Likes & Dislikes


It was fascinating, but at the same time extremely uncomfortable, to see how the members of the tour group were continually watched and scrutinized from start to finish. Two female tour guides, the bus driver, and even a cameraman (!) were always with us. I was astounded to discover that one of the tour guides before she even met us, knew not only the names of every member of the fourteen-person group but also their occupation and even their family circumstances! She had studied our visa request forms and memorized every single detail!

For me, the the highlight of the whole North Korea trip was the unbelievably huge communist statues (Kim Il-Sung, Kim Jong-Il) and monuments bearing ideological messages. It makes you think, if they used even a little of the huge sums they spend on propaganda to help the poor instead, they could do so much good in this country (especially in the countryside). In the capital, Pyongyang, there is no poverty to be seen. This is a show-city, and life here is more bearable than in the villages or small towns. The five-day visit to North Korea was a bizarre experience. It also weighed me down, spiritually and psychologically, and it was necessary to spend some time recovering in decadent, capitalist Thailand.” (P. Ki, 2017)


North Korea - 2017

There are local guides and a driver with the group, but this is also the case in several other countries that only allow group travel. We did not experience any close control or intrusive following, as there are organized programs and trips from morning to evening.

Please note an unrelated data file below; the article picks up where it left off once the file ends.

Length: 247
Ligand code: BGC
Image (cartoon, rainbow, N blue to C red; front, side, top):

During the mass dance, you can dance with the locals, which is quite charming. :) You can also talk to local tour guides, who speak a range of foreign languages, including even Hungarian.

1. We were taken to a souvenir shop several times, so we had the freedom to decide where what and how much to buy (we also bargained).
2. It’s completely pointless to travel here with a Western mindset because apples cannot be compared with oranges (or at least it’s a useless exercise). They may feel ‘sorry’ for us…
5.We ate very well :)
6. Phones and other electronic devices were not taken away. When we were leaving, they looked through the photo albums and some images were deleted. BUT! other rules apply to journalists and they will be informed about this when booking their trip !!!
7. We knew what we were getting into and what the rules would be ... ergo it would be silly to complain…

No one was called by name here. A lot is spent on propaganda in every country, only possible in other ways, and that money is not spent, for example, on the development of the health care system.

It was a sensational experience, but we went without expectations and tried to ‘take off our western glasses’ ... All the same, everyone will see and notice what they want to.

It didn’t cost me € 2,700, but I could have spent more. Two-week trips are not the only option, you can also go for six days and four nights.

There are many pictures of Kim Il Sung and Kim Jong Il, but not of Kim Jong Un.


The pizzeria was not built for tourists, nor were the local restaurants, locals can eat there and elsewhere... so the above statement is not accurate.

There are restaurants, shops, and pubs as well. 2017 experience.


Responding to the above opinion from another perspective:

Nobody in our the group was addressed by name when we met our guides. Every country spends a lot on propaganda, though perhaps in different ways, and that money is not spent, for example, on improving the health service.”
(Francois, 2017)